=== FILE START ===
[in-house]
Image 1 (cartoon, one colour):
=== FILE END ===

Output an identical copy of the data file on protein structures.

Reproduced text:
[in-house]
Image 1 (cartoon, one colour):